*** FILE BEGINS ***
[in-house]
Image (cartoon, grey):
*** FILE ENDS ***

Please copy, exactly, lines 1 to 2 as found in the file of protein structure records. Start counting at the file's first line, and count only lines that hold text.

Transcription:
[in-house]
Image (cartoon, grey):